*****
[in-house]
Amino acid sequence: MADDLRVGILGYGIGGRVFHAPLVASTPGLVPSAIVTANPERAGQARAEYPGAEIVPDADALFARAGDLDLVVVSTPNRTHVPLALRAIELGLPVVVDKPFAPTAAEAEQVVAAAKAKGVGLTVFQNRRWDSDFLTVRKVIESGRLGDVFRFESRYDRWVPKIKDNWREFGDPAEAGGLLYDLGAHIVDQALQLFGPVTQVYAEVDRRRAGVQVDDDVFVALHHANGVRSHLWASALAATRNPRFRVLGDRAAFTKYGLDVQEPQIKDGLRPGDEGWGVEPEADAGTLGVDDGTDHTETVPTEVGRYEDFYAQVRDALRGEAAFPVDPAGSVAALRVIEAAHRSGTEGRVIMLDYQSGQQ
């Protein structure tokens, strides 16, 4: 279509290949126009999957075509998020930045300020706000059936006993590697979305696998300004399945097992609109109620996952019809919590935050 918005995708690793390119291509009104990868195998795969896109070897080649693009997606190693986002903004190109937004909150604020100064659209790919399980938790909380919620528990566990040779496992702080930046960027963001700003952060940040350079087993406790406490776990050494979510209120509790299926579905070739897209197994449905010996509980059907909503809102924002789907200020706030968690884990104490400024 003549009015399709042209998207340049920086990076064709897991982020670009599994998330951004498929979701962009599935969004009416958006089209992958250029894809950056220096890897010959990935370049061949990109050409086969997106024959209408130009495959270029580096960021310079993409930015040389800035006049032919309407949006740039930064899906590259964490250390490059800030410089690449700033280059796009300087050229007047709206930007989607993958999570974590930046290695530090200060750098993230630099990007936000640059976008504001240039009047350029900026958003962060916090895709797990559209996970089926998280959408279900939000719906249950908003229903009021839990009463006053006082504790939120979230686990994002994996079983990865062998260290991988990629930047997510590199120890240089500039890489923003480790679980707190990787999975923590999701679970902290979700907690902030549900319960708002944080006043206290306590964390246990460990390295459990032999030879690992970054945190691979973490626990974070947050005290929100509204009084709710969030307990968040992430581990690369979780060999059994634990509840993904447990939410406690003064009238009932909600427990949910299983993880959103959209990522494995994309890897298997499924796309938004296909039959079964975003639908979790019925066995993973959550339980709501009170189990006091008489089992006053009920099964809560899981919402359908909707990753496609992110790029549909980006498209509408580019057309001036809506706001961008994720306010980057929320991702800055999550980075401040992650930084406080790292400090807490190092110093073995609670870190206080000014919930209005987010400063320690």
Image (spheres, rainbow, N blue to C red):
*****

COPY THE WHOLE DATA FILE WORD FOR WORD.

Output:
[in-house]
Amino acid sequence: MADDLRVGILGYGIGGRVFHAPLVASTPGLVPSAIVTANPERAGQARAEYPGAEIVPDADALFARAGDLDLVVVSTPNRTHVPLALRAIELGLPVVVDKPFAPTAAEAEQVVAAAKAKGVGLTVFQNRRWDSDFLTVRKVIESGRLGDVFRFESRYDRWVPKIKDNWREFGDPAEAGGLLYDLGAHIVDQALQLFGPVTQVYAEVDRRRAGVQVDDDVFVALHHANGVRSHLWASALAATRNPRFRVLGDRAAFTKYGLDVQEPQIKDGLRPGDEGWGVEPEADAGTLGVDDGTDHTETVPTEVGRYEDFYAQVRDALRGEAAFPVDPAGSVAALRVIEAAHRSGTEGRVIMLDYQSGQQ
């Protein structure tokens, strides 16, 4: 279509290949126009999957075509998020930045300020706000059936006993590697979305696998300004399945097992609109109620996952019809919590935050 918005995708690793390119291509009104990868195998795969896109070897080649693009997606190693986002903004190109937004909150604020100064659209790919399980938790909380919620528990566990040779496992702080930046960027963001700003952060940040350079087993406790406490776990050494979510209120509790299926579905070739897209197994449905010996509980059907909503809102924002789907200020706030968690884990104490400024 003549009015399709042209998207340049920086990076064709897991982020670009599994998330951004498929979701962009599935969004009416958006089209992958250029894809950056220096890897010959990935370049061949990109050409086969997106024959209408130009495959270029580096960021310079993409930015040389800035006049032919309407949006740039930064899906590259964490250390490059800030410089690449700033280059796009300087050229007047709206930007989607993958999570974590930046290695530090200060750098993230630099990007936000640059976008504001240039009047350029900026958003962060916090895709797990559209996970089926998280959408279900939000719906249950908003229903009021839990009463006053006082504790939120979230686990994002994996079983990865062998260290991988990629930047997510590199120890240089500039890489923003480790679980707190990787999975923590999701679970902290979700907690902030549900319960708002944080006043206290306590964390246990460990390295459990032999030879690992970054945190691979973490626990974070947050005290929100509204009084709710969030307990968040992430581990690369979780060999059994634990509840993904447990939410406690003064009238009932909600427990949910299983993880959103959209990522494995994309890897298997499924796309938004296909039959079964975003639908979790019925066995993973959550339980709501009170189990006091008489089992006053009920099964809560899981919402359908909707990753496609992110790029549909980006498209509408580019057309001036809506706001961008994720306010980057929320991702800055999550980075401040992650930084406080790292400090807490190092110093073995609670870190206080000014919930209005987010400063320690």
Image (spheres, rainbow, N blue to C red):